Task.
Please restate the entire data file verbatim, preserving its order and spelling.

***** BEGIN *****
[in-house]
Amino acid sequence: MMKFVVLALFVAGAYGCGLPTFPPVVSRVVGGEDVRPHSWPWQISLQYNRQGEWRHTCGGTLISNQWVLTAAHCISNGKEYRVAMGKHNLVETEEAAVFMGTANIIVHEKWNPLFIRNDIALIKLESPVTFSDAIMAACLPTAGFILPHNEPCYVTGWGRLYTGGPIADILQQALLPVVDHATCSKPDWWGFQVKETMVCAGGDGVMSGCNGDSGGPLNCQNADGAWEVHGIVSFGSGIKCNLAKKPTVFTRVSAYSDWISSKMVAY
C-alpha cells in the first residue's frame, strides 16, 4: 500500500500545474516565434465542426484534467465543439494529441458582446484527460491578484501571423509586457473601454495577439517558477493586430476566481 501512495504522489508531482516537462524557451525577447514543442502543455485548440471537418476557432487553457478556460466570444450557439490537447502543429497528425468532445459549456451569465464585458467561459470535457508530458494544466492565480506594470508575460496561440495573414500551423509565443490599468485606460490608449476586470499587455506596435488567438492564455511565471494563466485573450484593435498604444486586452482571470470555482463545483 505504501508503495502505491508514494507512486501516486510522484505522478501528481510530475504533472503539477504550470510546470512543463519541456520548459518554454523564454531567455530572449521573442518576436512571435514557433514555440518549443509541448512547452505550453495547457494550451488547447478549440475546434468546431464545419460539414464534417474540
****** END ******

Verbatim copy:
[in-house]
Amino acid sequence: MMKFVVLALFVAGAYGCGLPTFPPVVSRVVGGEDVRPHSWPWQISLQYNRQGEWRHTCGGTLISNQWVLTAAHCISNGKEYRVAMGKHNLVETEEAAVFMGTANIIVHEKWNPLFIRNDIALIKLESPVTFSDAIMAACLPTAGFILPHNEPCYVTGWGRLYTGGPIADILQQALLPVVDHATCSKPDWWGFQVKETMVCAGGDGVMSGCNGDSGGPLNCQNADGAWEVHGIVSFGSGIKCNLAKKPTVFTRVSAYSDWISSKMVAY
C-alpha cells in the first residue's frame, strides 16, 4: 500500500500545474516565434465542426484534467465543439494529441458582446484527460491578484501571423509586457473601454495577439517558477493586430476566481 501512495504522489508531482516537462524557451525577447514543442502543455485548440471537418476557432487553457478556460466570444450557439490537447502543429497528425468532445459549456451569465464585458467561459470535457508530458494544466492565480506594470508575460496561440495573414500551423509565443490599468485606460490608449476586470499587455506596435488567438492564455511565471494563466485573450484593435498604444486586452482571470470555482463545483 505504501508503495502505491508514494507512486501516486510522484505522478501528481510530475504533472503539477504550470510546470512543463519541456520548459518554454523564454531567455530572449521573442518576436512571435514557433514555440518549443509541448512547452505550453495547457494550451488547447478549440475546434468546431464545419460539414464534417474540